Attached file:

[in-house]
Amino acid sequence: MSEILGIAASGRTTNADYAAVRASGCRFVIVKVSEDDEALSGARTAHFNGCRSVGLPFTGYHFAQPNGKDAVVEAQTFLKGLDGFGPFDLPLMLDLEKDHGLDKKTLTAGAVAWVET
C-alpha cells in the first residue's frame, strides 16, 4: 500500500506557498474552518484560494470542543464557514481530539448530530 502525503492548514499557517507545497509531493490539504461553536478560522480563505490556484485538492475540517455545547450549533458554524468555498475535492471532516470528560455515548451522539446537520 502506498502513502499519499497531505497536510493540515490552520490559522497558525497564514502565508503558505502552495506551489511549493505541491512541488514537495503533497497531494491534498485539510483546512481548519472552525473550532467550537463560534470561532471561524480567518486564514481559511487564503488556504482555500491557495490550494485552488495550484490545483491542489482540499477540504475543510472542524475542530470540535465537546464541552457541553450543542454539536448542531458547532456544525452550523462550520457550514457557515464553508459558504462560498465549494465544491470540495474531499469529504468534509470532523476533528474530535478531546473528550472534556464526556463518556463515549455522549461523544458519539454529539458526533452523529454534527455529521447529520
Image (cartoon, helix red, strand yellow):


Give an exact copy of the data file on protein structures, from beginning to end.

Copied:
[in-house]
Amino acid sequence: MSEILGIAASGRTTNADYAAVRASGCRFVIVKVSEDDEALSGARTAHFNGCRSVGLPFTGYHFAQPNGKDAVVEAQTFLKGLDGFGPFDLPLMLDLEKDHGLDKKTLTAGAVAWVET
C-alpha cells in the first residue's frame, strides 16, 4: 500500500506557498474552518484560494470542543464557514481530539448530530 502525503492548514499557517507545497509531493490539504461553536478560522480563505490556484485538492475540517455545547450549533458554524468555498475535492471532516470528560455515548451522539446537520 502506498502513502499519499497531505497536510493540515490552520490559522497558525497564514502565508503558505502552495506551489511549493505541491512541488514537495503533497497531494491534498485539510483546512481548519472552525473550532467550537463560534470561532471561524480567518486564514481559511487564503488556504482555500491557495490550494485552488495550484490545483491542489482540499477540504475543510472542524475542530470540535465537546464541552457541553450543542454539536448542531458547532456544525452550523462550520457550514457557515464553508459558504462560498465549494465544491470540495474531499469529504468534509470532523476533528474530535478531546473528550472534556464526556463518556463515549455522549461523544458519539454529539458526533452523529454534527455529521447529520
Image (cartoon, helix red, strand yellow):